Why the time has arrived for the Chief Mobile Healthcare Officer
Right now, mobile healthcare is still in its infancy. While cool hipster devices that measure basic vital signs and count steps are everywhere, nobody in healthcare that I’m aware of is leveraging mobile tools for better health on a systematic, day-to-day basis.
But if healthcare organizations want to get ahead of the mobile healthcare phenomenon, it’s more than time for them to put leaders in place who sleep, eat and breathe mobile care delivery.
If healthcare organizations want to get ahead of the mobile healthcare phenomenon, it’s more than time for them to put leaders in place who sleep, eat and breathe mobile care delivery.
I’m talking about putting someone in the C-suite whose job it is to keep up with the astonishing rate of change in mobile health, grab ahold of technologies and software that bring care to the next level, and turn them into an engine for care improvement.
Creating a “chief mobile healthcare officer” slot is as important to the future of healthcare delivery as chief medical information officers are to today’s digital healthcare. In fact, I’d argue that healthcare organizations that don’t do this may lose the battle to transform, disrupt and right-size care over the next five to 10 years.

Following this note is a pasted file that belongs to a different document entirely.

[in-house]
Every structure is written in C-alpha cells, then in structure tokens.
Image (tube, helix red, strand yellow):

Why do you need a CMHO?
Why does a healthcare organization need a chief mobile healthcare officer? Consider the following:
- Technologies like Apple’s HealthKit are quickly turning wearables data into a source of actionable insight for clinicians. However, HealthKit — and competing platforms developed by powerhouse competitors like Qualcomm — are still largely solutions looking for a problem. Who will know enough to decide what specs define the next-generation wearable data strategy?
- Telemedicine has already become a viable means of delivering care, but it’s far from clear what a hospital or practice’s tele-strategy should be. And figuring this out isn’t just a matter of determining market demand or supporting the right technology. Determining how to play telemedicine, and harmonizing it with the delivery of traditional care, calls for a mature and nuanced view of the entire spectrum of digital health.
- Moving ahead an organization’s mobile strategy involves working not only with established vendors like Apple, but also making some significant bets on startups whose dazzling ideas aren’t yet backed up by a solid track record. If no one in your organization has both the skills and experience to make these bets, and the authority to pull the trigger, how will you ever make the transition to mobile care?
- Managing the transition to a mobile-driven healthcare enterprise require will require more patient-facing development than virtually any IT job in the house — after all, in no other aspect of HIT is the patient controlling and carrying around the device healthcare providers want to access. Empowering a top leader to make these decisions makes it far more likely that this aspect of the mobile healthcare transformation doesn’t get neglected.
All told, I think it’s pretty clear that hospitals and practices that want to make a credible mobile play going forward — something they’d be foolish to neglect — they’ll need to put a very senior pro in charge of making it happen. Can anyone make a strong case to the contrary? Have at it, folks.
Anne Zieger is CEO of Zieger Healthcare Communications, an independent research and content development firm based in northern Virginia. She can be reached at firstname.lastname@example.org or @ziegerhealth on Twitter.